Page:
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Natural fumigation as a mechanism for volatile transport between flower organs

Abstract

Plants synthesize volatile organic compounds (VOCs) to attract pollinators and beneficial microorganisms, to defend themselves against herbivores and pathogens, and for plant-plant communication. In general, VOCs accumulate in and are emitted from the tissue of their biosynthesis. However, using biochemical and reverse genetic approaches, we demonstrate a new physiological phenomenon: inter-organ aerial transport of VOCs via natural fumigation. Before petunia flowers open, a tube-specific terpene synthase produces sesquiterpenes, which are released inside the buds and then accumulate in the stigma, potentially defending the developing stigma from pathogens. These VOCs also affect reproductive organ development and seed yield, which are previously unknown functions of terpenoid compounds.

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Fig. 1: Characterization of sesquiterpene synthases expressed in petunia flowers.
Fig. 2: Analysis of inter-organ transport of PhTPS1 products in petunia buds.
Fig. 3: Effect of sesquiterpene fumigation on pistil development and seed yield.
Fig. 4: Proposed fumigation model.

Data availability

The data that support the findings of this study are available from the corresponding author upon reasonable request. Plant material generated in this study is available from the corresponding author upon request. For the microbiome, Fastaq files of samples containing the sequences of the OTUs associated with Petunia and Brassica are deposited at the European Nucleotide Archive (PRJEB29416 (ERP111715)). The sequences reported in this paper have been deposited in GenBank database with the following accession numbers MK159027 for PhTPS1, MK159028 for PhTPS2, MK159029 for PhTPS3, and MK159030 for PhTPS4.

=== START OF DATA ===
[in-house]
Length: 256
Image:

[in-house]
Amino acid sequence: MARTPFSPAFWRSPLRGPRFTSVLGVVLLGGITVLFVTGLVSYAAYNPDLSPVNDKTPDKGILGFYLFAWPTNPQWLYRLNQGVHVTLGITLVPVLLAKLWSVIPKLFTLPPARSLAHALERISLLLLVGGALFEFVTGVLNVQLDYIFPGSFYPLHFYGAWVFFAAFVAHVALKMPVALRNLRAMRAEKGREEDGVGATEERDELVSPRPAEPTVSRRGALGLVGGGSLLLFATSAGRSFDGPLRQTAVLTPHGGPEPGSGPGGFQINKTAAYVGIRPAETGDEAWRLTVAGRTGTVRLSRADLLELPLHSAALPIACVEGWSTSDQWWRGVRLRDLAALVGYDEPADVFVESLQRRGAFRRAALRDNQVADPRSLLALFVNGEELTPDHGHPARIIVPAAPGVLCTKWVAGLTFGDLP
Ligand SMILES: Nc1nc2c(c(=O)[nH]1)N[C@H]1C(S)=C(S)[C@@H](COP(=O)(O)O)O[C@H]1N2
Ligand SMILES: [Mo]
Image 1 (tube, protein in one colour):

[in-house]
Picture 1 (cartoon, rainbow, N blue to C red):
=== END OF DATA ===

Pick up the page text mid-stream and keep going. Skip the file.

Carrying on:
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Acknowledgements

This work was supported by grant IOS-1655438 from the National Science Foundation to J.A.M. and N.D. and by the United States Department of Agriculture (USDA) National Institute of Food and Agriculture Hatch project 177845 to N.D.

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Contributions

B.B. and N.D. conceived the study. B.B., S.R., J.Y., J.H.L., R.R.J., S.A.K., J.A.M., and N.D. planned experiments. B.B. performed metabolic profiling, identification, and characterization of TPSs, analysis of TPS activities in plants, stable isotope labeling, expression analysis, generation of transgenic plants and their analysis, and complementation experiments. S.R. performed wax analysis. J.Y. performed microscopy analysis. K.M.P.C. analyzed seed yield. J.H.L. performed complementation experiments, expression analysis of TPSs in transgenic plants, and metabolic profiling. R.R.J. performed microbiome analysis. B.B., S.R., J.Y., K.M.P.C., J.H.L., R.R.J., S.A.K., J.A.M., and N.D. analyzed and interpreted data. S.A.K., J.A.M., and N.D. supervised the study. B.B., J.H.L., and N.D. wrote the paper. All authors read and edited the manuscript.

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Correspondence to Natalia Dudareva.

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Supplementary information

Supplementary Information

Supplementary Figures 1–16, Supplementary Table 1

Reporting Summary

Supplementary Dataset 1

Microbiome analysis of flowers of Brassica rapa plants cultivated under sterile conditions from surface sterilized seeds (sample_33) or grown in soil in the laboratory after treatment with different bacteria. Microbiome analysis of pistils of wild-type and PhTPS1 RNAi-11 Petunia x hybrida flowers.

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Boachon, B., Lynch, J.H., Ray, S. et al. Natural fumigation as a mechanism for volatile transport between flower organs. Nat Chem Biol 15, 583–588 (2019). https://doi.org/10.1038/s41589-019-0287-5

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